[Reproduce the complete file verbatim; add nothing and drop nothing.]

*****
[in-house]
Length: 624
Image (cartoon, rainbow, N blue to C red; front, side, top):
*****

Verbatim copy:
[in-house]
Length: 624
Image (cartoon, rainbow, N blue to C red; front, side, top):